Of course, not all releases from demons are as dramatic and immediate as Louie’s or the Gerasene Demoniac’s. When our conference consultants were at our church few weeks ago working with us on designing the future of Jerome UMC, one of the activities we did was to practice telling each other our God stories. A God story is what people in the business world call an elevator speech. For entrepreneurs an elevator speech is a catchy, concise two minute description while you have a captive audience in an elevator of what your business can offer to a potential client or customer that will pique his or her interest enough to ask for more information. A God story is the same thing offered to invite someone you meet to a closer relationship with God by telling them what God has done in your life.

I had trouble with that activity. As I listened to other great God stories of how others in our church had experienced dramatic changes in their lives by someone sharing Christ’s love with them, I was jealous in a weird way because I grew up in the church from birth. I had no dramatic conversion experience. For me there is no before and after I met Jesus because he was in my life from birth on.

That doesn’t mean I’ve not struggled with demons or had moments when I turned my back on God and rebelled against rules and regulations I thought were old-fashioned and foolish. It means my God story is not a dramatic moment of liberation from demons, but a lifetime of a sometimes contentious love-hate relationship with a God who simply refuses to let the demons control my life. Part of my story is a liberation from a narrow, legalistic view of a God that I feared, to a more universal, loving God who calls me to move out of my comfort zone and work with others to transform the world to a place of peace and justice for all of creation that brings God’s kingdom on earth as it is in heaven.

The church is called to invite new people everywhere to experience the liberating love of God that sets us free from demons. But that’s only part of our job description as disciple makers. Personal salvation and freedom from our demons is absolutely necessary, but the process doesn’t end there. God sets us free not for freedom’s sake, but to serve God and others in whatever places and ways God provides.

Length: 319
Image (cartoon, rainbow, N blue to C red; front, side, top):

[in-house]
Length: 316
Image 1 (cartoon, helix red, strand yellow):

All of us, whether we are brand new Christians or seasoned veterans of many church wars, or those who have been turned off by the church or angry at God for tragedies in our lives – wherever we are in our faith journey, we all need to continue to deepen and nurture our faith always so we have a better God story to share and live every day.

What’s your God story? No matter how short or long, it may be a tragedy or a comedy, dramatic or mundane, short or long. Without hearing your story I know three things about it: 1) You’ve got a God story or you wouldn’t be here today, and 2) your God story is still being written. And 3) someone needs to hear your story and God wants you to share it by your words and your actions.

Most of the folks in this Gerasene story are afraid of Jesus’ power and run away from it like Louie Zamperini did. So it’s OK if we are we also afraid to let go of our demons. Are we nervous to share with others what our demons are because we foolishly think we are the only one with demons? Guess again. It’s our demons that bring us to worship week after week, and when we put on a happy face and pretend otherwise God can’t help us – just like a Dr. can’t help cure an illness we refuse to admit we have.

But notice another important thing about Jesus in this story. He doesn’t force himself on anyone. When the fearful people of Gerasa ask Jesus to leave them alone, he doesn’t nag them like a telemarketer who calls every night at dinner time; he just gets in his boat and goes back to Galilee. Why does Jesus give up so easily? Because he doesn’t care, or he’s given up on them? No, Jesus knows the power of invitation and the patience of allowing others the space and time to respond when they are ready. That’s a very important lesson for us to remember when we have the chance to share our God story with others.

Louise Hay describes that process this way: “Think for a moment of a tomato plant. A healthy plant can have over a hundred tomatoes on it. In order to get this tomato plant with all these tomatoes on it, we need to start with a small dried seed. That seed doesn’t look like a tomato plant. It sure doesn’t taste like a tomato. If you didn’t know for sure, you would not even believe it could be a tomato plant. However, let’s say you plant this seed in fertile soil, and you water it and let sun shine on it.